Vulnerable high seed: Fourth-seeded Creighton (12). There was the huge home win over Villanova on Feb. 24, but other than that the Bluejays haven’t done much since January (4-5, with two wins over DePaul and one over Bemidji State).
Dangerous low seed: Seventh-seeded Marquette (13). The Golden Eagles can really shoot, and if their recent hot streak carries over to MSG they could do some damage. Marquette comes in having averaged 12.8 made 3-pointers and 48 percent accuracy beyond the arc over its last five games.
Coach who loves this tourney: Jay Wright has guided Villanova to three straight Big East finals and won two of them handily. The third was a two-point loss to Seton Hall.
Coach who hates this tourney: DePaul’s Dave Leitao hasn’t exactly brought much to the table in his previous two appearances, but the Blue Demons haven’t overachieved, either. They’re 0-2 under Leitao in this event with an average losing margin of 14 points.
Who wins: Xavier (14). Veteran team playing confidently and on a six-game winning streak away from home. And Villanova could have its hands full in a quarterfinal game against Marquette and/or semifinal game against Seton Hall.
Site: Las Vegas. Better than Los Angeles. True neutral site that offers plenty of fun outside of basketball for visiting fans.
NCAA locks: Arizona.
Bubble teams: Arizona State, UCLA, USC, Utah, Washington. Sun Devils are probably OK if they simply avoid a ghastly loss in their first game against Colorado. Everyone else should come to Vegas feeling like they need one or more wins to be secure.
Regular-season champion: Arizona. Despite just a few off-court distractions, the Wildcats won the league by two games.
Vulnerable high seed: Second-seeded USC. Trojans haven’t beaten a likely NCAA tourney team since December, and a potential quarterfinal matchup with Washington could be problematic. Huskies won in Los Angeles to open Pac-12 play.
Dangerous low seed: Fifth-seeded Stanford (15). Cardinal play miserable California in the opening round, then would get a UCLA team that they split with during the regular season. Post man Reid Travis could put the team on his back for a run.
Coach who loves this tourney: Oregon’s Dana Altman (16) is 13-5 in the Pac-12 tournament, has won it all twice and reached the final two other times.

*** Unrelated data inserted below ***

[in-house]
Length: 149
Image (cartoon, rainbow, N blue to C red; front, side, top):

Coach who hates this tourney: Washington State’s Ernie Kent. Since winning the thing in 2007 at Oregon, Kent is 1-6 as coach of the Ducks and Cougars.
Who wins: Arizona (17). Wildcats have the best player (Deandre Ayton) and the most talent, and may well have put the melodrama of late February and early March behind them in time for the postseason.
Site: St. Louis, for the first time. Will this nod to the conference’s Western Frontier (Missouri, Arkansas) at all diminish the annual ticket domination of Kentucky fans who are accustomed to taking over Nashville and Atlanta?
NCAA locks: Auburn, Tennessee, Florida, Kentucky, Arkansas, Texas A&M, Missouri.
Bubble teams: Alabama, maybe Mississippi State if the Bulldogs make a deep run.
Regular-season champion: Auburn and Tennessee shared the title.
Vulnerable high seed: Top-seeded Auburn (18). Tigers are 4-4 in their last eight games and haven’t won away from home since Feb 10. Season-ending injury to shot-blocker Anfernee McLemore could loom large in the postseason.
Dangerous low seed: Fifth-seeded Missouri (19). What if star-recruit-turned-mythological-savior Michael Porter Jr. comes back? And what if he can actually contribute? That last-minute addition could make the Tigers a tougher out (though their ball-handling issues could also make them a first-round knockout).
Coach who loves this tourney: John Calipari has won this event five times in eight seasons and advanced to the final game two other times.
Coach who hates this tourney: Bruce Pearl has had a couple moments, reaching the title game in 2009 at Tennessee and ’15 at Auburn. But he’s also lost his first game four times and is on a three-game SEC tourney losing streak.
Who wins: Florida (20). Gators have been up and down but they put it together late, beating Auburn, Alabama and Kentucky by a combined 40 points to close the regular season. Veteran team with great guards that can shoot from the perimeter and willingly defend — those are winning attributes in March.